Health Ahead of Time

WELLNESS-September 2012
By Sophie Nelson
Photographs by Sean Alonzo Harris

Susan Fekety, RN, MSN, CNM, begins our conversation with an analogy: Sometimes health issues appear like a check-engine light on your dashboard.


Some people just want to snip the wire. Others are willing to get under the hood and see what’s going on. But unlike a car engine, the human body—rather, a person—is rarely in need of just a quick fix. Susan Fekety’s patients want to investigate what’s wrong. They’re people who want to feel better. Period. And Fekety is committed to helping them understand what that takes.

For one thing it takes time, a rare commodity in Susan Fekety’s line of work. At her practice, Healthy Living Health Care in Falmouth, she carves out the time to provide her patients with expert clinical care, but also a listening ear and livable solutions to feeling better. She recognizes the roles that stress, habit, hurt, and fear, play in our lives, and that relief from physical pain or illness does not necessarily equal health. She reminds patients that “how [they] eat matters as much as what [they] eat,” that “human connection is a vitamin,” and that “activity should feel good.” Throughout her career, Fekety has sought to expand and improve the health-care equation. Since moving to Maine nearly two decades ago, she’s joined like-minded practitioners from the Portland area and helped usher holistic care into the mainstream consciousness.

As the daughter of a doctor and nurse, dinner table talk in the Fekety household in Ann Arbor, Michigan, often revolved around health care. She grew to understand, more than most, the obstacles involved in both administering and receiving quality health care and felt inspired to improve the system. First, she went the policy route. She studied political science as an undergraduate, but found that many of her colleagues knew frustratingly little about what is actually involved in caring for a patient. Eventually she shifted her focus to clinical work, and followed her bachelor’s degree from Yale University with a master’s degree in nursing and nurse-midwifery from the same institution. As a result of her winding path and varied interests, Fekety is equally comfortable talking about market trends in health care and gritty medical issues. She has the emotional capacity to make a person feel cared for, a writer’s inclination to mine everyday experience for meaning, and a teacher’s talent for translating complicated medical jargon into plain, understandable English. Out of college, she brought her multitude of skills to Houston, Texas, before joining the Maine-based alternative health care center Women to Women in 1995. Later she found a group of philosophically compatible providers at True North before founding Healthy Living Health Care in January.

Fekety has been working hard for years, but starting her own business has meant an extraordinary number of late nights and early mornings. Though she tells me she’s tired, her evident vigor overwhelms my first impression of her. “This is definitely the hardest I’ve ever worked,” she explains without a hint of complaint. “But that’s okay. I’m sort of a person who really likes that by nature.” Yet not just any kind of work would keep Fekety up at all hours. And no practitioner of her caliber would condone a frantically paced work life that did not resonate with her health and happiness. “For a lot of people there’s a distinct separation between work and personal life, and for me that’s pretty integrated. I’ve been lucky in that I’ve had a series of work situations that let me learn what I do best and do more of it,” she says.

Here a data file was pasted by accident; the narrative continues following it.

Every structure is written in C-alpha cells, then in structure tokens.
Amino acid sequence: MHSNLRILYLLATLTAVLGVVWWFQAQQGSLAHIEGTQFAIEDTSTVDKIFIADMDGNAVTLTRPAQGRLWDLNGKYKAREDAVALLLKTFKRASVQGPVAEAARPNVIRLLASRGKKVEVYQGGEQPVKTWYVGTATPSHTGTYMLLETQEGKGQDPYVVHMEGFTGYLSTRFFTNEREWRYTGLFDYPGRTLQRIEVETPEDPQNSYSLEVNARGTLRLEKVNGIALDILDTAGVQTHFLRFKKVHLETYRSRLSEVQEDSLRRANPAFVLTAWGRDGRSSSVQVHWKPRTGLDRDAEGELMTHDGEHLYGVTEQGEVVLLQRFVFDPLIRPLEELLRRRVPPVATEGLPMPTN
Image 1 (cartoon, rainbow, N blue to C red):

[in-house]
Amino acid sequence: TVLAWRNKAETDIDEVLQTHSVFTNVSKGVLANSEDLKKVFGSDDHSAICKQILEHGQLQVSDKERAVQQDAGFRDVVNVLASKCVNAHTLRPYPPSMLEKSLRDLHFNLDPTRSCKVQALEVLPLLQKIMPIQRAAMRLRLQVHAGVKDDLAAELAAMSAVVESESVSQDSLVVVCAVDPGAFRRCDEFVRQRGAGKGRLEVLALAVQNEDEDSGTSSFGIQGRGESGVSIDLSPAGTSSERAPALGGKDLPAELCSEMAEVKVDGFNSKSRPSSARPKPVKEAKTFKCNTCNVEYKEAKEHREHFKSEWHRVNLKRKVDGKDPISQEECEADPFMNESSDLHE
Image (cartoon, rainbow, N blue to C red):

Fekety also recognizes that periods of change offer opportunities for assessing what’s working and what’s not, and then making lifestyle adjustments accordingly. She meets with roadblocks to wellness as much as the rest of us, but her openness about her own health-care journey makes her relatable. Throughout her years in women’s health, she has ushered thousands through physical changes like pregnancy and menopause, and has found that physical recalibration is only ever part of the solution. Fekety offers a hypothetical example to illustrate the complexity: “There’s a 55-year-old woman who’s perimenopausal, gaining weight, depressed, tired, not interested in sex, and maybe her cholesterol is out of whack. That is a complex set of problems that is extremely common, and you can’t fix it with a pill. You have to look at what’s going on in someone’s life. You have to ask: What’s your relationship like? What’s your work life like? How are you feeding yourself? Are you getting out in the sunshine? That takes time.”

So we circle back to discussing the importance of time. We also arrive at the familiar but ever-relevant conclusion: health is a complicated, ever-shifting target. But Fekety is remarkably focused. Regardless of the patient and the problem, Fekety tries to take the scary out of health care. She encourages people to listen to their bodies and take action before the light appears on the dashboard. She iterates that action doesn’t mean a 180-degree lifestyle shift—in some cases, it’s something as simple as purchasing a pair of walking shoes or sitting down to eat dinner. “I think that people are getting it,” she tells me. “They need to empower themselves about their health.”

Fekety reminds me of something wonderfully obvious and somehow easy to forget: “It’s fun to feel good.” With that in mind, it’s a little easier to start putting in the work at getting better.

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